Joseph Lino "Jose" Padilla, the Cleveland, Tennessee, man facing 12 counts in the Jan. 6, 2021, breach at the U.S. Capitol, is scheduled for a hearing Wednesday morning in U.S. District Court for a report on the status of his case stemming from what federal prosecutors contend was a coordinated attack to stop Congress from certifying President Joe Biden's 2020 electoral victory.
Padilla, 41, who will appear in court Wednesday via teleconference in Washington, D.C., has remained in federal custody since his arrest Feb. 23, 2021. The hearing is for District Judge John D. Bates to be updated on the status of discovery in the case regarding issues raised by Padilla's attorney Michael Cronkright, during his last hearing April 6.
Padilla pleaded not guilty in the case March 30, 2021, court records show.
Cronkright told Bates in the April 6 hearing he was having ongoing trouble getting his client access to case evidence and was finding it nearly impossible to have confidential, face-to-face meetings with Padilla at the Washington, D.C., jail where he's being held.
Cronkright told Bates in April that jail officials were welcoming but he was finding it impossible to speak with Padilla on the phone out of earshot of other inmates and guards and no solutions were being offered at the time.
Federal prosecutors told Bates the volume of evidence on electronic devices and on social media caused delays and forced officials on all sides to look for ways to work around problems with supplying information on cases through a federal database.
As of April 6 prosecutors said they had provided hundreds of pieces of evidence that hadn't been provided at the last hearing in January, however, none of the social media evidence had been provided to Padilla, officials said. Prosecutors maintained the government had provided Padilla all the discovery evidence he was entitled to up through April.
When the case resumes Wednesday, Bates said he wanted to be able to start scheduling motion hearings in Padilla's case and work to get a trial date set.
Rebeka Padilla, Padilla's wife, declined to comment when contacted by phone Tuesday. The person who answered the phone in Cronkright's office Tuesday said no one was making comments on Padilla's case.
Padilla's charges include assaulting, resisting or impeding certain officers; three counts of civil disorder; two counts of assaulting, resisting or impeding officers using a dangerous weapon; obstruction of an official proceeding and aiding and abetting; entering and remaining in a restricted building or grounds with a deadly or dangerous weapon; disorderly and disruptive conduct in a restricted building or grounds with a deadly or dangerous weapon; engaging in physical violence in a restricted building or grounds with a deadly or dangerous weapon; disorderly conduct in the Capitol grounds or buildings; and committing an act of physical violence in the Capitol grounds or buildings.
The FBI's Feb. 22, 2021, criminal complaint charging Padilla, identified by a tipster who saw him in videos from Jan. 6, 2021, states he was seen in footage from a Metropolitan Police Department of the District of Columbia officer's body camera wearing a scuba mask and pushing a police barricade line shouting, "Push! Push! --ing push!"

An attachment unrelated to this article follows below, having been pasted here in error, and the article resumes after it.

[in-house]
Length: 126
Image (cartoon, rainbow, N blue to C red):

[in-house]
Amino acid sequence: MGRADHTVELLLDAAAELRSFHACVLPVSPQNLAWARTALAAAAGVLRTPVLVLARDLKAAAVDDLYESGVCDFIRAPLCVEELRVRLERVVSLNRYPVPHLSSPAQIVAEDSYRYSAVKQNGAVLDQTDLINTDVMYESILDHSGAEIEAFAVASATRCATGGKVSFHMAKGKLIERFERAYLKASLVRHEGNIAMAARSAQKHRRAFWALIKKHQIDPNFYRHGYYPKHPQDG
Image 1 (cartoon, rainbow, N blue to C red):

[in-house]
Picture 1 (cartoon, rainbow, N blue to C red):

Padilla was captured in other footage from the breach pushing the barricade, and police officers removed his scuba mask and began pushing him and striking him with a police baton "to get him to stop," the complaint states. Another video showed Padilla helping others move a large, metal-framed sign on wheels toward the barricade, where it was used as a battering ram against police, the complaint states.
"Padilla and numerous other rioters began to mass in front of a law enforcement line inside the archway of the U.S. Capitol Lower West Terrace doors. He throws the flagpole at the officers, who are simultaneously being attacked by rioters," the complaint states of actions that happened in the hours that followed. The complaint includes images and descriptions of those actions.
Padilla since his arrest has continued to seek release, but Bates in detaining him has maintained he "poses a concrete, prospective threat to the safety of the community," court documents state.
As Padilla faces his hearing this week, the former top leader of the far-right Proud Boys extremist group and other members were charged Monday with seditious conspiracy, according to the Associated Press.
The latest indictment against Henry "Enrique" Tarrio, the former Proud Boys chairman, and four others linked to the group comes as the U.S. House committee investigating the Jan. 6 riot prepares to begin public hearings this week to lay out its findings, the AP reported.
The indictment alleges that the Proud Boys conspired to forcibly oppose the lawful transfer of presidential power. Tarrio and the others - Ethan Nordean, Joseph Biggs, Zachary Rehl and Dominic Pezzola - were previously charged with different conspiracy counts, according to AP.
They are scheduled to stand trial in August in Washington, D.C.'s federal court.
The seditious conspiracy charges are among the most serious filed so far, but aren't the first of their kind. Eleven members or associates of the anti-government Oath Keepers militia group, including its founder and leader Stewart Rhodes, were indicted in January on seditious conspiracy charges in a serious escalation in the largest investigation in the Justice Department's history, the AP reported.
In the 17 months since Jan. 6, 2021, more than 800 individuals have been arrested in nearly all 50 states for crimes related to the breach of the U.S. Capitol, including over 250 individuals charged with assaulting or impeding law enforcement, federal officials said Monday in a news release on recent cases. The investigation remains ongoing and anyone with tips can call 1-800-CALL-FBI, 800-225-5324, or visit tips.fbi.gov.